Created on 2006-11-14 14:02 by cwalther, last changed 2012-07-09 21:15 by alexis.
|threadingbug.py||nobody, 2006-11-15 07:00||minimal reproducing example|
|thread_crash.py||amaury.forgeotdarc, 2008-01-17 20:04|
|msg30544 - (view)||Author: Christian Walther (cwalther)||Date: 2006-11-14 14:02|
Python 2.4.3 on Windows 2000, though the code in question seems unchanged in current SVN (r46919). I'm using Python embedded in a multithreaded C++ application. When 'import threading' is first done in some Python script that runs in thread A, I get the following exception when a different thread B calls Py_Finalize(): Error in atexit._run_exitfuncs: Traceback (most recent call last): File "C:\Python24\lib\atexit.py", line 24, in _run_exitfuncs func(*targs, **kargs) File "C:\Python24\lib\threading.py", line 636, in __exitfunc self._Thread__delete() File "C:\Python24\lib\threading.py", line 522, in __delete del _active[_get_ident()] KeyError: 680 Error in sys.exitfunc: Traceback (most recent call last): File "C:\Python24\lib\atexit.py", line 24, in _run_exitfuncs func(*targs, **kargs) File "C:\Python24\lib\threading.py", line 636, in __exitfunc self._Thread__delete() File "C:\Python24\lib\threading.py", line 522, in __delete del _active[_get_ident()] KeyError: 680 The reason seems to be that the threading module uses the thread ID of the calling thread as a key to store its _MainThread instance on initialization, and again the thread ID of the calling thread to delete it in its exit function. If these two threads are not the same, the described KeyError occurs. I didn't study this in all detail, but it seems to me that threading.Thread.__delete() does the wrong thing. By doing 'del _active[_get_ident()]', it removes the instance for the calling thread from the _active dictionary. What it should be doing is removing *self* from that dictionary. Is that correct?
|msg30545 - (view)||Author: Brett Cannon (brett.cannon) *||Date: 2006-11-14 21:59|
Well, I don't think you should be calling Py_Finalize() from the non-main thread. That just seems unsafe to me. Regardless, though, could you write up some quick Python code that triggers this?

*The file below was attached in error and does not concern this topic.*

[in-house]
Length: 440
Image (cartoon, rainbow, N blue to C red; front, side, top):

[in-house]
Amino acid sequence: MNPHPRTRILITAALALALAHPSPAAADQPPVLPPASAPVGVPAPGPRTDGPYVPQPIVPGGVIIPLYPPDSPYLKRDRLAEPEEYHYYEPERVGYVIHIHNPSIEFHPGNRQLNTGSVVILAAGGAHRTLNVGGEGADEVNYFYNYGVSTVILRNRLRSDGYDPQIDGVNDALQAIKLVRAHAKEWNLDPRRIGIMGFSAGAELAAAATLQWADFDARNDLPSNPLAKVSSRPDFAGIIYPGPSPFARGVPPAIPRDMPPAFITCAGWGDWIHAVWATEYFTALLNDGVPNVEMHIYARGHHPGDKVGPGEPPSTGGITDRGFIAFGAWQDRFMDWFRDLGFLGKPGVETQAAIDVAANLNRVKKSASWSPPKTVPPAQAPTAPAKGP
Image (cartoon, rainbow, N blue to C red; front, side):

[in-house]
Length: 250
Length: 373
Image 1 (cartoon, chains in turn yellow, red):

|msg30546 - (view)||Author: Christian Walther (cwalther)||Date: 2006-11-15 07:02|
I'm not calling Py_Finalize from a non-main thread. What I called "thread B" is the main thread. It's the script that first imports the threading module that runs in a non-main thread (and running user-defined scripts in non-main threads is hopefully not unsafe, or there wouldn't be much point in supporting multithreading at all in Python). It didn't even occur to me that this could be reproduced in pure Python code, so I didn't include an example in my original post. Of course, it can - see attachment. Tested on Python 2.3.5 on Mac OS X.
|msg30547 - (view)||Author: Brett Cannon (brett.cannon) *||Date: 2006-11-15 18:51|
Thanks for the test code. I have no clue when I or anyone else will get to this, but the report and testing code is appreciated.
|msg60013 - (view)||Author: Gregory P. Smith (gregory.p.smith) *||Date: 2008-01-17 01:47|
threadingbug.py doesn't fail for me on trunk (linux), anyone else? the output I get is always: Main thread ID: -134346528 Secondary thread ID: -135349328 Exception KeyError: KeyError(-134346528,) in <module 'threading' from '/home/gps/oss/python/trunk/Lib/threading.pyc'> ignored
|msg60035 - (view)||Author: Christian Walther (cwalther)||Date: 2008-01-17 17:13|
I'm not sure what you mean by "doesn't fail" - from the output you quote, I'd say that it does fail. It's in fact the same output as I get right now with Python 2.5.1 on Mac OS X. Would you classify that KeyError as expected behavior?
|msg60041 - (view)||Author: Gregory P. Smith (gregory.p.smith) *||Date: 2008-01-17 18:14|
gah, sorry i misread the report. you are correct.
|msg60050 - (view)||Author: Adam Olsen (Rhamphoryncus)||Date: 2008-01-17 18:54|
Is the bug avoided if you import threading first and use it instead of thread? I'd like to see thread removed in 3.0 (renamed to _thread or the like.)
|msg60052 - (view)||Author: Amaury Forgeot d'Arc (amaury.forgeotdarc) *||Date: 2008-01-17 20:04|
If a python daemon thread is still running when the interpreter exits, it is likely to fail in random ways. Here is another example, which does not use imports. I run the script many times, with latest version in trunk, on Windows XP, debug build. In the majority of runs, I get an error message: """ Exception in thread Thread-1 (most likely raised during interpreter shutdown): """ Other tests seem to show that all modules are emptied by the cleanup process, but the thread insists to get "time.sleep". And more interestingly, about every 50 runs, the process segfaults... I suspect that this is a problem similar to http://bugs.python.org/issue1856
|msg60083 - (view)||Author: Christian Walther (cwalther)||Date: 2008-01-18 08:54|
> Is the bug avoided if you import threading first and use it instead of thread? Yes. The bug happens when the (first) import of threading and the call to Py_Finalize() happen in different threads. To reproduce the problem in pure Python, I therefore have to use thread instead of threading to create the secondary thread. (In the C++ application, it's created on the C++ side.) Has anyone checked if the solution I propose in the first post makes sense?
|msg97989 - (view)||Author: Brian Curtin (brian.curtin) *||Date: 2010-01-18 04:44|